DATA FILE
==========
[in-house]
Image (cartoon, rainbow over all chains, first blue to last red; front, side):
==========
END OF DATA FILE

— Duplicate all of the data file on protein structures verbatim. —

[in-house]
Image (cartoon, rainbow over all chains, first blue to last red; front, side):